When I first began attending classes at the College of William and Mary two years ago, I had bright visions for my future in the mathematics department. My older sister, a self-confessed math dork, had pursued upper-level abstract algebra and proofs-based courses during her time at the College and thoroughly enjoyed them; so as many naive freshmen do, I followed the advice of a trusted elder and enrolled in linear algebra, MATH 211, during my fall semester.
Learning matrix multiplication and delving into Euler’s Method was surprisingly delightful, and by the end of the class, I’d grown affectionate towards the mathematics department and began mapping out my quest to acquire an applied math minor. I took multivariable calculus, MATH 212, the following semester, and while I enjoyed the subject material, I found myself growing increasingly attached to the economics and government courses I’d simultaneously been taking over on Old Campus. By the time sophomore year arrived, I declared my double major in government and economics. Seemingly overnight, I transitioned from jaunting around Jones Hall to trudging around Tyler Hall.
While I do not regret taking linear algebra or multivariable calculus in the slightest, it is frustrating that these courses fail to satiate a single graduation requirement. Despite being 200-level courses in a STEM department, neither class fulfills the COLL 200 NQR domain requirement. This is utterly nonsensical given the College’s statement regarding the purpose of the NQR requirement.
According to the College’s informational website about the COLL 200’s three ‘Knowledge Domains’, the NQR requirement challenges students to examine the natural world and physical sciences using empirical, mathematical techniques. By the very nature of being offered in the mathematics department, linear algebra and multivariable calculus clearly employ mathematical techniques. When I took them two years ago, both subjects frequently referenced their practical usages, whether it be in hard sciences including chemistry and biology or in social sciences like economics. Given these factors, as well as the relative rigor associated with 200-level university mathematics curricula, the College should recognize them as viable ways to fulfill the NQR.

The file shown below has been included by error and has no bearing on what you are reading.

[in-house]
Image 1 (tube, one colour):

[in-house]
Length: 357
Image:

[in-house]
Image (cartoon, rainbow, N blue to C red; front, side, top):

The College already has a track record of recognizing specific mathematics courses as sufficient in satisfying the NQR requirement, so adding more options from within the department should not be controversial in the slightest. Math-Powered Flight, which is almost universally known as an easy A among students at the College, is a 100-level mathematics course that counts towards the NQR requirement.
I would have gleefully signed up to take it to rid myself of the NQR domain, but because I have received credit for a mathematics course numbered above 210, I am ineligible to take Math-Powered Flight and thus cannot check off my NQR requirement through enrollment in the course.
If the goal of the COLL 200 system is to expose students to rigorous course material and challenge our conventional thought patterns, then it makes no sense to refuse granting NQR credit for classes that are more substantively challenging than Math-Powered Flight. Since the College is willing to grant NQR credit for students taking a 100-level mathematics course, it baffles me why they decline to do so for students who have taken 200-level ones that go further beyond proficiency requirements. Revising the system to allow for greater flexibility benefits many students but harms none; I don’t need math to know that’s an ideal outcome.
Email Ethan Brown at email@example.com.